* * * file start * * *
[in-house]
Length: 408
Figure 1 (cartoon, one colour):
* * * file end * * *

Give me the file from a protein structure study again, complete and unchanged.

[in-house]
Length: 408
Figure 1 (cartoon, one colour):